Sustainability for the mass market

Article AS news
Am 1. Mai 2013 gab der Bundesrat grünes Licht für einen Vierjahreskredit über 30 Millionen Franken für die strategische Partnerschaft zwischen dem Staatssekretariat für Wirtschaft (Seco) und der holländischen Stiftung für nachhaltigen Handel (IDH).

On 1 May 2013 the Swiss Government approved a four-year credit line worth over CHF 30 million for the strategic partnership between the State Secretariat for the Economy (Seco) and The Sustainable Trade Initiative (IDH), a Dutch foundation. IDH wants to lend a helping hand to big corporations such as Nestlé, Adidas, Ikea, Cargill and Unilever, amongst others, in switching to raw materials produced in a socially and environmentally sustainable manner.

Seco has in fact long supported the formation of trade chains with fairly and organically produced cotton, coffee, cocoa, wood or soya and is also engaged with the development of certification standards. But never before has it spent so much on cooperation with Swiss NGOs and the retail trade.

IDH* encourages corporations operating worldwide to voluntarily set sustainability goals, such as reducing the use of pesticides and fertilizers or protecting the water table by means of sparing irrigation methods. Those programmes are to be as much as 50-per cent financed from development funds. The goal is to capture the mass market with «sustainable» products and encourage resource-conserving cultivation methods on a large scale in developing countries, thereby mitigating extreme poverty amongst small farmers.

Is it sustainable when the label says so?

According to IDH Director Joost Oorthuizen, the concept of «sustainability» is deliberately not defined in greater detail. IDH constitutes a platform for traders wishing to meet the increased demand for goods produced in a fair and environment-friendly manner. It is up to them to decide the standards to which they will jointly commit themselves. There are no minimum standards for participation. Rather than setting the bar too high, it is more important today to allow black sheep into the green pasture.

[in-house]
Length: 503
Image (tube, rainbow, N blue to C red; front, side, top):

IDH has repeatedly garnered bad press for this policy. In 2012, for instance, Dutch NGOs criticized the activities of logging companies in the Congo that were involved in illegal logging activities despite participating in the IDH programme. Anger reached boiling point this year when the IDH electronics group announced that it was welcoming Foxconn. As a supplier of Apple, Dell and HP, Foxconn has made a name for itself by means of inhumane working conditions in China, low wages and workplace suicides. In choosing its partners, IDH therefore takes major risks that prove damaging to the image of funding countries or implementing NGOs when things go wrong and are not detected or corrected quickly enough.

Alliance Sud welcomes Seco’s wish to send an NGO representation from Switzerland to the Impact Committee, a kind of quality monitoring committee. This should allow the IDH partnership to benefit from experience with top-quality labels, prevent greenwashing and stop products with pseudo-sustainable dumping labels from reaching the Swiss market. It must be ensured that the know-how developed jointly with producing communities in the South and consumer awareness raising about trade relations is not put at stake. NGOs are keen to accompany and monitor IDH programmes in close dialogue with critical public opinion in Europe and with those directly affected in commodity-producing countries, thereby aiding the process of gaining new insights for strengthening and promoting fair, solidarity-based trading relations.